Session Type: ACR Concurrent Abstract Session
Session Time: 2:30PM-4:00PM
Background/Purpose: Tenosynovitis in the hand occurs frequently and early in rheumatoid arthritis (RA) and sensitive outcome measures are important to assess and monitor the inflammatory activity. Magnetic resonance imaging (MRI) can visualize tenosynovitis and a semiquantitative scoring system for tenosynovitis in the hand has previously been suggested1. In a multi-reader exercise, we aimed to assess the intra- and inter-reader agreement and responsiveness of a proposed OMERACT MRI tenosynovitis scoring system in the wrist and metacarpophalangeal (MCP) flexor tendons in the hands of RA patients.
Methods: Axial T1-weighted pre- and post-contrast fat-sat MRIs (0.8mm slice thickness) of the hand of 43 patients initiating rituximab therapy were obtained at baseline and after 3 (n=5), 6 (n=8), 9 (n=15) or 12 (n=15) months. The MRIs were read and scored twice on separate days with intermediate re-anonymization by 4 readers blinded to patient data but not to chronology. The tendons of 6 extensor and 3 flexor tendon compartments of the wrist and 4 flexor tendon compartments of the 2nd to 5th MCP joints were assessed. Tenosynovitis was defined as peritendinous effusion (PE) or post-contrast tenosynovial enhancement (PTE) on 3 consecutive slices. Pathologies were measured perpendicularly to the tendon at the thickest point of the effused or enhanced tenosynovium. Tenosynovitis was scored as follows: 0: no, 1: >0 but <1.5mm, 2: ≥1.5 but <3mm, 3: ≥3mm PE or PTE. Change in score over time was assessed using descriptive statistics and the Wilcoxon signed-rank test. Intra- and inter-reader agreement was calculated using intra-class correlation coefficients (ICC), percentage of exact and close agreement (PEA and PCA) and the smallest detectable change (SDC). Responsiveness to change was assessed using standardized response mean (SRM).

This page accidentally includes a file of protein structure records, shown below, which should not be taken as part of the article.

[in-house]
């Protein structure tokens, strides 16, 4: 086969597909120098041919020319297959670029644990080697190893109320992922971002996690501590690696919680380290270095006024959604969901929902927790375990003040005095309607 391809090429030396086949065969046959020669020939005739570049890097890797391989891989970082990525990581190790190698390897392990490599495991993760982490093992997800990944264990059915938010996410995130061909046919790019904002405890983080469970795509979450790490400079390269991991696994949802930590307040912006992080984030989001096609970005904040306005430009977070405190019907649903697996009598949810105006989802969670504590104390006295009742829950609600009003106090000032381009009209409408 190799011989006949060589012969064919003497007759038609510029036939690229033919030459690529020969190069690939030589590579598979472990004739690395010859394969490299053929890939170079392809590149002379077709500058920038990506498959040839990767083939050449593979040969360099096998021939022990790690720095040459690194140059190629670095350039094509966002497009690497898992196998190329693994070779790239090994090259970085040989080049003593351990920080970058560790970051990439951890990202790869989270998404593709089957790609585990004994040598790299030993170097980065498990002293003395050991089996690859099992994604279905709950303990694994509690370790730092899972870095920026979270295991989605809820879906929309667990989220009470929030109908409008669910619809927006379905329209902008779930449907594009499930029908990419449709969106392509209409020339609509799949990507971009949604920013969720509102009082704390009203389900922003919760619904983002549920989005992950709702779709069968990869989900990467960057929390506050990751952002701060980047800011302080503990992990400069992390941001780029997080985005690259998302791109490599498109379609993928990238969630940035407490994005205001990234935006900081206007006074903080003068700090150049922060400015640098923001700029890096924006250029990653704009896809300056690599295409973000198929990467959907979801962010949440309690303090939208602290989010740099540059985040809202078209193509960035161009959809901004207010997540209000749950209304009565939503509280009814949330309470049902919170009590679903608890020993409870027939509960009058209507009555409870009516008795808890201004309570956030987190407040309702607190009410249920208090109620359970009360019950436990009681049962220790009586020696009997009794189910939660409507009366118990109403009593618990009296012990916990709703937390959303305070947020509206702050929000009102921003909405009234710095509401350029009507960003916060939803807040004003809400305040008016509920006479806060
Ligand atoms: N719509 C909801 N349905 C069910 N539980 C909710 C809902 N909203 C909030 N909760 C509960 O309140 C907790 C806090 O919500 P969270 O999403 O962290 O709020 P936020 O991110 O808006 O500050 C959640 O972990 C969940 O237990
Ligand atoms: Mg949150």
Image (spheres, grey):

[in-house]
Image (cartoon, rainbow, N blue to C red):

Results: The mean (SD) change in score between baseline and follow-up was -1.38 (2.84) for wrist, -0.94 (1.85) for MCP flexor tendons and -2.31 (4.63) for total score (all p<0.01). Intra- and inter-reader ICC for status scores were very good in all readers, except baseline scores in the MCP region in 1 reader. Intra-reader ICC for change scores were good to very good in all readers, and inter-reader ICC for status and change scores were very good in all readers. Intra-reader PEA for status and change scores was above 57% and PCA above 95% for all parameters. Inter-reader PEA was above 40% and PCA above 81% for all parameters. Intra-reader SDC was equal or below 3.0 and inter-reader SDC was below 2.0 in all readers. SRM was small to moderate (table 1).
Conclusion: The proposed OMERACT tenosynovitis scoring system showed high intra- and inter-reader agreement and small to moderate responsiveness for the wrist and MCP tendons and is a reliable tool for MRI-assessment of tenosynovitis in the RA hand. 1Haavardsholm et al. Ann Rheum Dis 2007;66(9):1216-20
To cite this abstract in AMA style:Glinatsi D, Bird P, Gandjbakhch F, Haavardsholm EA, Conaghan PG, Østergaard M. Reliability and Responsiveness of an Omeract Tenosynovitis Magnetic Resonance Imaging Scoring System for the Rheumatoid Arthritis Wrist and Hand [abstract]. Arthritis Rheumatol. 2016; 68 (suppl 10). https://acrabstracts.org/abstract/reliability-and-responsiveness-of-an-omeract-tenosynovitis-magnetic-resonance-imaging-scoring-system-for-the-rheumatoid-arthritis-wrist-and-hand/. Accessed November 29, 2020.
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